Arrested and Charged With Statutory Rape
By the summer of 1996, LeTourneau's affair with Fualaau was spiraling out of control.
They were having sex at all hours of the day — at her home, at school, in her car. All the while, they were hiding their relationship from both the community and their families.
LeTourneau said she was hoping that she could be with Fualaau in a few years, after she finalized her divorce and established herself on her own with her children.
The relationship became more difficult to hide when LeTourneau became pregnant.
Secretly carrying Fualaau's child, she still hoped her relationship with the boy would not be discovered. But shortly after, in early 1997, her husband found a love letter she had written. He confronted Fualaau who admitted he was sleeping with LeTourneau. A relative of LeTourneau's husband contacted the authorities. She was pulled out of a faculty meeting at school and arrested by the Seattle police.
LeTourneau had been hoping she could make it through another month "put in for my maternity leave and retire," she said. Even after her arrest, LeTourneau said she didn't realize the serious charges she could face.
"I was imagining there's probably some community service hours, for situations like this, and I actually didn't think that I needed an attorney even," she said.
She was charged with raping a child, a felony that carried a 7 1/2-year prison sentence in the state of Washington. She was advised to accept a settlement with reduced prison time, and she pleaded guilty.
LeTourneau served six months in jail. The rest of the 7 1/2 years would be suspended as long as she agreed to attend psychiatric counseling and stay away from Fualaau, who had just become the father of her fifth child — a baby girl.
Staying away from Fualaau upon her release wasn't as easy as it sounded. In addition to being barred from seeing Fualaau, she said a counselor told her she would not be permitted any contact with her children during the first six months of her release.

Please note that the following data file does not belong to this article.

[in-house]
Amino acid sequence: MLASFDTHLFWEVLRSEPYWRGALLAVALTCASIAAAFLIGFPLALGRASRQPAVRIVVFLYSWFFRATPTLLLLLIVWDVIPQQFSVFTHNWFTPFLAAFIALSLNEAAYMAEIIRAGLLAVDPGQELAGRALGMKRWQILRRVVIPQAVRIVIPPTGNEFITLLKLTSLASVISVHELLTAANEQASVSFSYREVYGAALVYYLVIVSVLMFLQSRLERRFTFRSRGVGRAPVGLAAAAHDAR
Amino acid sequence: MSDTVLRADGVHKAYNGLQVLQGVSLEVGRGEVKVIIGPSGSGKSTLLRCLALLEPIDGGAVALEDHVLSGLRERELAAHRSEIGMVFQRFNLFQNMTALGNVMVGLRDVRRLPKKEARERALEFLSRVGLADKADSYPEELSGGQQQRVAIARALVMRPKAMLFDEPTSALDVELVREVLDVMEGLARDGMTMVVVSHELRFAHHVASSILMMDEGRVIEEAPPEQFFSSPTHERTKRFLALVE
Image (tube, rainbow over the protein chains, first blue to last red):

As soon as she was released from jail, she resumed her relationship with Fualaau. A month later, they were caught by the police at 3 a.m. parked in her car on a quiet street corner, just one block from her home.
LeTourneau was arrested and ordered by the court to serve out the rest of her sentence.
She said she decided to violate the terms of her release, so she could be returned to prison where she would be permitted to have visits from her children. "There was no deterrent for me to not to see Vili Fualaau. He was the father of my newborn, we loved each other and the worst that could happen was that I would go to prison, which I was going to anyway," she told Walters.
Thinking she could fight her case from prison, LeTourneau figured she had nothing to lose. Then there was another bombshell: LeTourneau was pregnant again, with Fualaau's second child.
LeTourneau's life had now hit rock bottom. She was being led away in handcuffs, ridiculed by the tabloids. Her new baby — another girl — would be born in prison. And her husband would soon file for divorce and move their four children to Alaska.
Reunited and Planning to Wed
But that chapter of Letourneau's life is over. Upon her release from prison, Fualaau asked the court to lift its no-contact order against Letourneau. They are reunited, very much in love, and planning to marry.